Workshop Report Defines Agenda for Integrated Research on HABs and Ocean Acidification

National Centers for Coastal Ocean Science

NOAA’s Ocean Acidification Program (OAP) and NCCOS have published the proceedings of the virtual Harmful Algal Blooms and Ocean Acidification Workshop in a NOAA Technical Memorandum (OAR-OAP-3). Over 70 scientists, managers and stakeholders met August 11-13, 2020 to identify needs and priorities to advance research on ocean acidification (OA) and harmful algal blooms (HABs) as co-stressors in coastal ecosystems.
Monday, August 9, 2021
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Forging Connections between Industry and Scientists: The Start of the California Current Acidification Network

NOAA Ocean Acidification Program

Over a decade ago, California sea urchin diver Bruce Steele discovered a scientific paper suggesting that sea urchins-the source of his livelihood-were facing a new threat called ocean acidification. At the time, there was very little research or information being shared among the West Coast fishing industry about how this change in ocean chemistry caused by the absorption of carbon dioxide emissions could impact sea urchins or other species.

Steele was hoping that the West Coast states could join together to address the potential impacts from ocean acidification to shellfish and fisheries.
Wednesday, August 4, 2021
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10 years in the making: An inside look at NOAA’s Ocean Acidification Program with Director Libby Jewett

NOAA Ocean Acidification Program

Libby Jewett, Ph.D., Director of the NOAA Ocean Acidification Program, provides insight into ocean acidification. Jewett highlights how she became involved in ocean acidification work, how NOAA's Ocean Acidification Program (OAP) started, and how we all can personally contribute to combatting this threat to our ocean.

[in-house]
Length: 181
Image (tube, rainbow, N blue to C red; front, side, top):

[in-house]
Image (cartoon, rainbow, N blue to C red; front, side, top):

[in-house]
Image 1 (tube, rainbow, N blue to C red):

Monday, June 7, 2021
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Assessing Vulnerability to a Changing Ocean: Investigating impact and option for adaptation

Assessing Vulnerability to a Changing Ocean: Investigating impact and option for adaptation

NOAA Ocean Acidification Program

In certain areas of the US, marine resources and the communities that depend on them are particularly vulnerable to the impacts of ocean and coastal acidification along with other ocean changes. The NOAA Ocean Acidification Program recently awarded funding for three regional vulnerability assessment projects in the Chesapeake Bay, Northeast US and US West Coast. The projects bring together oceanographic, fisheries and aquaculture data and social science to assess vulnerability of dependent communities and industries, anticipate challenges they may face, and explore adaptations options.
Monday, December 21, 2020

Land locked to open ocean: Putting a pH sensor in the hands of students?

NOAA Ocean Acidification Program

8.1. The current average pH of the ocean after being reduced significantly from decades of rampant carbon dioxide being pumped into the atmosphere, and ultimately, absorbed by our ocean. But how is pH measured? If a citizen scientist wants to see this for themselves, is it possible? Measuring ocean pH typically requires expensive equipment and trained operators. Commonly these instruments, while highly accurate, haven't been available to those outside of the scientific community. Recently, the curious mind and drive of William Pardis, a former student at Flathead Valley Community College, allowed this disconnect to be bridged with the development of the pHyter.
Thursday, October 1, 2020
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